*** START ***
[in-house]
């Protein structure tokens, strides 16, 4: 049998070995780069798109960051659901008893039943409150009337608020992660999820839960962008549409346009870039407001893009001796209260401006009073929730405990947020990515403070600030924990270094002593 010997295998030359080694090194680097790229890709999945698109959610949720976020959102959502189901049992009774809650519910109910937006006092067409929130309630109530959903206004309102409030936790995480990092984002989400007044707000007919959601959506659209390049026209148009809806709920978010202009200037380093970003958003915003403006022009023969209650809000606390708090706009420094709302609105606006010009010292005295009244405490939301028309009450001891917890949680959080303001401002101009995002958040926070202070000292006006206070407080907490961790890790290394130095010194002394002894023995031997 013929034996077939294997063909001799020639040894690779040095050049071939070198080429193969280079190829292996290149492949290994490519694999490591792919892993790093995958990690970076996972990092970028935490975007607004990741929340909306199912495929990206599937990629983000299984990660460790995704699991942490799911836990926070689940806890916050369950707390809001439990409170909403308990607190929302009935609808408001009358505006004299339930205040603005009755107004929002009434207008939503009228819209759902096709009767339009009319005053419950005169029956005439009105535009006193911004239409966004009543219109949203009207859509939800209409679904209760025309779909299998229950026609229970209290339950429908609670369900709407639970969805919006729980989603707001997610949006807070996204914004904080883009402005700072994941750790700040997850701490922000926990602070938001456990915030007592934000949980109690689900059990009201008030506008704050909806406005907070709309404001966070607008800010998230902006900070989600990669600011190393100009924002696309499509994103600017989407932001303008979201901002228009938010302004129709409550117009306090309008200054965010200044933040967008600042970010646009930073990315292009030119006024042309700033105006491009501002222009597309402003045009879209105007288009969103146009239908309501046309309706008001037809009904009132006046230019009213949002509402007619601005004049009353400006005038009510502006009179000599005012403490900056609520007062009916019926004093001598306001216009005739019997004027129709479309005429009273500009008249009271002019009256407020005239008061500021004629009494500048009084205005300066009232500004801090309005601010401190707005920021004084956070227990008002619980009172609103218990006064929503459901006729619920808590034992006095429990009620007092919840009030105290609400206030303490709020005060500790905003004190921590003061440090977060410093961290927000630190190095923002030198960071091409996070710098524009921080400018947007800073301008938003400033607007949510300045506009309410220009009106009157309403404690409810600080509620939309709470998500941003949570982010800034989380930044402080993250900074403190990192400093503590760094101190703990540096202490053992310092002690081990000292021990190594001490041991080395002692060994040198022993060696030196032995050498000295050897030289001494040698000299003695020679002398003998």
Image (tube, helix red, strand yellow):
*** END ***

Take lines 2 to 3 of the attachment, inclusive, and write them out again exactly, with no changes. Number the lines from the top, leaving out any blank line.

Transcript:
């Protein structure tokens, strides 16, 4: 049998070995780069798109960051659901008893039943409150009337608020992660999820839960962008549409346009870039407001893009001796209260401006009073929730405990947020990515403070600030924990270094002593 010997295998030359080694090194680097790229890709999945698109959610949720976020959102959502189901049992009774809650519910109910937006006092067409929130309630109530959903206004309102409030936790995480990092984002989400007044707000007919959601959506659209390049026209148009809806709920978010202009200037380093970003958003915003403006022009023969209650809000606390708090706009420094709302609105606006010009010292005295009244405490939301028309009450001891917890949680959080303001401002101009995002958040926070202070000292006006206070407080907490961790890790290394130095010194002394002894023995031997 013929034996077939294997063909001799020639040894690779040095050049071939070198080429193969280079190829292996290149492949290994490519694999490591792919892993790093995958990690970076996972990092970028935490975007607004990741929340909306199912495929990206599937990629983000299984990660460790995704699991942490799911836990926070689940806890916050369950707390809001439990409170909403308990607190929302009935609808408001009358505006004299339930205040603005009755107004929002009434207008939503009228819209759902096709009767339009009319005053419950005169029956005439009105535009006193911004239409966004009543219109949203009207859509939800209409679904209760025309779909299998229950026609229970209290339950429908609670369900709407639970969805919006729980989603707001997610949006807070996204914004904080883009402005700072994941750790700040997850701490922000926990602070938001456990915030007592934000949980109690689900059990009201008030506008704050909806406005907070709309404001966070607008800010998230902006900070989600990669600011190393100009924002696309499509994103600017989407932001303008979201901002228009938010302004129709409550117009306090309008200054965010200044933040967008600042970010646009930073990315292009030119006024042309700033105006491009501002222009597309402003045009879209105007288009969103146009239908309501046309309706008001037809009904009132006046230019009213949002509402007619601005004049009353400006005038009510502006009179000599005012403490900056609520007062009916019926004093001598306001216009005739019997004027129709479309005429009273500009008249009271002019009256407020005239008061500021004629009494500048009084205005300066009232500004801090309005601010401190707005920021004084956070227990008002619980009172609103218990006064929503459901006729619920808590034992006095429990009620007092919840009030105290609400206030303490709020005060500790905003004190921590003061440090977060410093961290927000630190190095923002030198960071091409996070710098524009921080400018947007800073301008938003400033607007949510300045506009309410220009009106009157309403404690409810600080509620939309709470998500941003949570982010800034989380930044402080993250900074403190990192400093503590760094101190703990540096202490053992310092002690081990000292021990190594001490041991080395002692060994040198022993060696030196032995050498000295050897030289001494040698000299003695020679002398003998």
Image (tube, helix red, strand yellow):